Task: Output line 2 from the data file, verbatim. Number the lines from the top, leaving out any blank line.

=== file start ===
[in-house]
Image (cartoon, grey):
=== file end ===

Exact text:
Image (cartoon, grey):